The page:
It was more than just the actions of home builders that contributed to the last housing bubble, of course. Government policy, irresponsibility on the part of lenders and borrowers, and, most importantly, a loose monetary policy all played a role in creating a perfect financial storm from which we have yet to fully recover. But, increasing supply where it clearly doesn’t appear warranted and promising people that they can profit from the next housing boom don’t exactly sound like a good idea to me.

Benjamin Franklin once said that the definition of insanity is doing the same thing over and over again and expecting a different result. We appear intent on proving Mr. Franklin right.

FILED UNDER: Economics and Business, , , ,
Doug Mataconis
About Doug Mataconis
Doug holds a B.A. in Political Science from Rutgers University and J.D. from George Mason University School of Law. He joined the staff of OTB in May 2010. Before joining OTB, he wrote at Below The BeltwayThe Liberty Papers, and United Liberty Follow Doug on Twitter | Facebook

Comments

  1. john personna says:

    I’m fairly with you on this one, though the low interest rates could not have had the impact they did without a broken/corrupt bond rating system being in place at exactly the same time. People didn’t like low (or negative) returns, so they bought crap that was conveniently rated AAA. When it was an agent (say a manager of a teacher’s retirement fund), he could point to the AAA, even as he fed those teacher’s retirement funds into bad loans.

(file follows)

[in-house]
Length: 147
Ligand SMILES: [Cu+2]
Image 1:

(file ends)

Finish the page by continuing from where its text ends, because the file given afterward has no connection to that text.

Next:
Now, beyond that, repeating mistakes … what else do we do? Do you think a 10,000 DOW is anything other than another example of people fleeing low returns with a hope that this time it will be different?

  2. What moral hazard?

  3. Dave Schuler says:

    Builders build; bankers lend; politicians make promises they can’t deliver on. When the primary objective is to restore the status quo ante, of course you’ll make all the same mistakes again.

    IMO we’ve got a problem we’ve had for more than a decade now. We’re like addicts looking for the next fix. We’re looking for the next boom, the next bubble. Too many people are desperate to believe that the conditions of the late 1990’s were the norm rather than the exception.

  4. Dave Schuler says:

    Additionally, when you subsidize something you get more of it. The subsidies for purchasing automobiles and houses have lead to people making more automobiles and building more houses. What’s surprising about that?

  5. Dave,